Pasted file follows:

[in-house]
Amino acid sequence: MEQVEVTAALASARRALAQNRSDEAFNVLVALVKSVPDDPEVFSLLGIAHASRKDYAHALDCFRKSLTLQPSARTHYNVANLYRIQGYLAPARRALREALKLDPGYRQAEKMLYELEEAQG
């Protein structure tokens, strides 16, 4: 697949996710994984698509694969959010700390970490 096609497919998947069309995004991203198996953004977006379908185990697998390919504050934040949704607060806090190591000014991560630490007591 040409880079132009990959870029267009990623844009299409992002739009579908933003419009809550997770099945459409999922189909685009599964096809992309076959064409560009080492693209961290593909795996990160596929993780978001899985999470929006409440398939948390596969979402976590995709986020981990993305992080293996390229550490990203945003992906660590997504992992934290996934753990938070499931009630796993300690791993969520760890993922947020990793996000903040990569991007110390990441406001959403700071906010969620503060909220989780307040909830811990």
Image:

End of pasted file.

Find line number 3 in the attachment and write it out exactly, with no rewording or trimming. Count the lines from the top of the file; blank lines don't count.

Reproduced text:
């Protein structure tokens, strides 16, 4: 697949996710994984698509694969959010700390970490 096609497919998947069309995004991203198996953004977006379908185990697998390919504050934040949704607060806090190591000014991560630490007591 040409880079132009990959870029267009990623844009299409992002739009579908933003419009809550997770099945459409999922189909685009599964096809992309076959064409560009080492693209961290593909795996990160596929993780978001899985999470929006409440398939948390596969979402976590995709986020981990993305992080293996390229550490990203945003992906660590997504992992934290996934753990938070499931009630796993300690791993969520760890993922947020990793996000903040990569991007110390990441406001959403700071906010969620503060909220989780307040909830811990």